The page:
The TODAY study is a multicenter clinical trial designed to evaluate the safety and efficacy of three treatment regimens in maintaining glycemic control for Type 2 DM in children and youth. The treatment regimens are:
Eligible participants must be between the ages of 10 and 17 years of age and are randomized into the study within 2 years of the diagnosis of Type 2 diabetes. The study is currently in the recruitment phase. When complete, the study will be based upon 750 total participants across 13 clinical centers, representing 250 subjects in each treatment arm. These subjects will be followed for a minimum of 2 years to assess treatment outcome. The primary outcome measure is time to treatment failure, defined as HbA1c levels greater than or equal to 8% over a 6-month period, or the inability to wean from temporary (<3 months) insulin therapy.
At the end of the study, a cost–effectiveness analysis (CEA) will be conducted as one of several secondary aims in the trial. In this article, the authors review the background and current understanding regarding the economic issues underlying obesity and diabetes, and discuss the methodological approaches being taken in the economic analysis of the TODAY study in this context.
A CEA is planned for the TODAY study in order to provide an objective, structured method for relating treatment costs to study outcomes, with the goal of providing information for improved decision-making about the future allocation of limited resources for the treatment of Type 2 diabetes in youth. In addition to a CEA, an analysis of the total costs of each intervention will also be performed to inform future providers about the resources required for implementation of the treatment strategies.
The CEA will measure the resources used for each treatment arm relative to the health benefits obtained. The authors have chosen to consider two outcome measures in the analysis; a disease-specific measure focused on blood glucose control and a general measure, the quality-adjusted life year (QALY). In the TODAY study, QALYs will be determined using information obtained from responses of participants in the three treatment arms to the Health Utilities Index survey instrument . The Health Utilities Index is the only preference-based quality-of-life instrument that has been validated in a pediatric population.
The perspective of a CEA is an important step for determining which resources to include and evaluate in the assessment. A CEA conducted from the health system's perspective, for instance, will measure a more limited set of costs than an analysis conducted from the point of view of society as a whole. A societal perspective accounts for the costs to all sectors and populations affected by an intervention. In the case of the TODAY study, in the intensive lifestyle arm in particular, participants and family members must make a significant time commitment to treatment – a commitment that is much greater than that for the other two interventions. Since this level of commitment is a meaningful component of the intervention, the CEA in the TODAY study has been designed to take a societal perspective, so that issues, such as the cost of caregiver involvement, can be included in the assessment.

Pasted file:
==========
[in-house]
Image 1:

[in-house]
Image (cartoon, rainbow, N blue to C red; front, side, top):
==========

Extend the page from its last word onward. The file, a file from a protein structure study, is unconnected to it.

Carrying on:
Taking a societal perspective is unusual in the diabetes cost–effectiveness study literature. Most prior studies, including those based on clinical trials, have focused only on the costs and consequences to healthcare payers or healthcare systems [19–25]. Only the reports originating from the DPP have taken the societal perspective. In its long-term evaluation , the societal perspective was taken to include factors related to the behavioral intervention; a treatment strategy that has not been widely examined in prior evaluations. However, the focus of the DPP is on the prevention of diabetes in adults. To the authors' knowledge, no economic analyses of treatment strategies for Type 2 diabetes in youth have been performed.
In the authors' discussions about the study design for the evaluation, many of the debates centered on the questions of which resources to focus on, how to measure them and how these resources should be valued. The decisions that were ultimately made and the thinking that shaped the design were largely influenced by the types of interventions being implemented in the TODAY study, the characteristics of the study participants, the prior literature on cost–effectiveness studies, and the literature on the economic factors in obesity.
Two intervention arms in the TODAY study consist of the provision and management of pharmacological agents (FIGURE 1). In one arm, randomized participants will be administered metformin alone. Metformin is a pharmacological agent commonly used in patients with diabetes to reduce hepatic glucose production, and increase the body's sensitivity to insulin. In the second arm, participants will receive metformin and rosiglitazone (a thiazolidinedione [TZD]). TZDs are designed to increase insulin sensitivity through different mechanisms from metformin.
Many prior cost–effectiveness analyses have been conducted within clinical trials to examine the impact of pharmacological agents. Thus, there is extensive literature available to identify which types of resources should be assessed. As a result, many resources included in the economic analysis in the TODAY study follow this pattern, or standard model, applied in earlier cost–effectiveness reports. Related resources include, for example, the frequency and amount of agent use, activities related to nonadherence, and activities associated with the side effects of the agent.